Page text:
Concert programmes in the Deryck Cooke archive

Deryck Cooke (1919 – 1976). Copyright holder unknown. We welcome any information that might help us identify copyright holders. Please contact

In a previous blog post, Mark Doran introduced Deryck Cooke’s archive and wrote about his work on Mahler’s tenth symphony. Since then, work to document the concert programmes in the archive has been completed and I thought it would be interesting to see how Cooke’s programme notes on the tenth symphony developed as his editorial work progressed.

First, a few words on the programme collection itself: there are about 360 items spanning the years 1953 – 1976, some are full programmes, some typescript notes, some galley- or page-proofs. Almost all of them are marked up with textual alterations and/or word counts for paragraphs showing how Cooke used existing notes about a work as the basis for future commissions. By far the majority are notes for what we would consider “mainstream” orchestral repertoire of the 18th, 19th and 20th centuries to accompany concerts given by the major London orchestras at the Royal Albert Hall (usually the Proms) and the Royal Festival Hall.  There are also some programmes for Royal Liverpool Philharmonic Orchestra concerts, for events at the Edinburgh Festival and for the Los Angeles Philharmonic under Zubin Mehta. Records for the programmes have been added to the Concert Programmes Project database.

Programmes for Mahler 10 performances

To Mahler’s tenth now. There are programmes for six performances: the first performance of Cooke’s full-length performing version given at the Proms on 13th August 1964 with the LSO and Berthold Goldschmidt, then on 23rd April 1968 with the RLPO and Charles Groves, 21st May 1970 in the Festival Hall with the New Philharmonia and Eliahu Inbal and in City Hall Glasgow on 30th January 1971 with the Scottish National Orchestra and Alexander Gibson. These are followed by two performances of Cooke’s revised version, on 28th January 1975 given by the BBC Northern Symphony Orchestra and Bryden Thompson at the Free Trade Hall and on 2nd July 1975 at the Royal Festival Hall with the Hague Philharmonic Orchestra and Jean Martinon, for which the note is by Colin Matthews.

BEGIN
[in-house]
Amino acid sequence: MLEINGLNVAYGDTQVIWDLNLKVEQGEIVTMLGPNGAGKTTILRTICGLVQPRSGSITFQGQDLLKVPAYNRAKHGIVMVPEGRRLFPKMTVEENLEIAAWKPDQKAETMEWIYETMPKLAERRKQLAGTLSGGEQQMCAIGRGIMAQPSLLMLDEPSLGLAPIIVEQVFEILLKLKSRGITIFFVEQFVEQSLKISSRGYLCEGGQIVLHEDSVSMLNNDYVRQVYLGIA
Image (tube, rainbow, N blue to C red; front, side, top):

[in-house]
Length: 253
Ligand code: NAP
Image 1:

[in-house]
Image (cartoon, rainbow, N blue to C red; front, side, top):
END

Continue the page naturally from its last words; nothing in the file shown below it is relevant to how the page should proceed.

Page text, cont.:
Cooke’s note for the first performance at the Proms concentrates on the process of creating the performing version from Mahler’s full-length sketch rather than an analysis of the music itself. “It is extremely difficult to give an accurate description of this score…the most exact definition of it is: A full-length performing version … as far as he had got with it in his comprehensive full-length sketch of the work which has only been achieved by making some subsidiary additions to the texture and orchestration, and in the second half of the work by actual orchestration from Mahler’s short score.” The note for the RLPO performance is much more extensive, elaborating on the background and the material left by Mahler in the full-length sketch of the symphony.  This is followed by a section on the form and thematic structure of the music including musical examples. Whilst the note for the SNO performance is virtually the same text, that for the New Philharmonia concentrates on the description of the original material (perhaps simply reflecting the amount of space available focusing Cooke’s choice of emphasis).

Mahler conducting his first symphony. Sketch by Zasche, 1906 (public domain)

Not surprisingly, Cooke’s note for the BBC Northern’s performance of his revised version is quite different. Here we see the distillation of understanding brought through long and close association with the original material reach its maturity in a note which sets the work in the context of the canon of Mahler’s output, explains the genesis of the performing version and subsequent revisions. “The score is still not, and never could be, Mahler’s Tenth Symphony as he himself would have completed it; but … it enables us to experience in living sound his last musical testament…”


This entry was posted in Uncategorized and tagged , , . Bookmark the permalink.

Leave a Reply

Fill in your details below or click an icon to log in: Logo

You are commenting using your account. Log Out /  Change )

Google+ photo

You are commenting using your Google+ account. Log Out /  Change )

Twitter picture

You are commenting using your Twitter account. Log Out /  Change )

Facebook photo

You are commenting using your Facebook account. Log Out /  Change )


Connecting to %s

This site uses Akismet to reduce spam. Learn how your comment data is processed.